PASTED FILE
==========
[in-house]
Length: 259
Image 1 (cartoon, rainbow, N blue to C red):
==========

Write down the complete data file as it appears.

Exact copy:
[in-house]
Length: 259
Image 1 (cartoon, rainbow, N blue to C red):